Dear Beloved,This week in our worship service, we will take up the sentence from the anonymous poem above, "I believe in love, even when I can't feel it."
During our Advent book study this week, the participants discussed how one significant loss during this pandemic of social distancing is that of human touch. We all felt like we just missed those warm hugs that characterize our time in person at Wesley. In light of the absence of that visceral expression of love, can we believe that love and connection still exist with our beloved pew-mates? ABSOLUTELY!!
During that same study session, we discussed stories and experiences that gave us warm, fuzzy feelings.
When we tell our stories and listen to those of others, we can feel the love in those memories and hopes.
We FEEL love even when we can't FEEL the physical touch that sometimes accompanies loving intentions of our friends.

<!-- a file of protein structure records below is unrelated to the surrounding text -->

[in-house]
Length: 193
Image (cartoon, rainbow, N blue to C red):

There are also times when we don't feel love either emotionally or physically, times when we feel desolation or animosity. Where is love then? 1 John 4:8 reminds us that "God is Love." As Christians we are taught a confident hope in the love that creates us, the love that sustains us and the love that endures even when we can't feel it. So often we demand evidence. Peter wanted to walk on the water like Jesus, Thomas wanted to feel the holes in his hands and side. We want--we need to experience love.
We can play a role in the love that others experience. We can demonstrate love through our kindness, through our actions and reactions. We can go out of our way to ensure that others feel love in full bellies and open doors and freedom to be who they truly are. Believe in love and when you can't feel it, show it to others and you soon will feel it yourself.
Rev. Cheryl L. Meachen, Pastor
Wesley United Methodist Church
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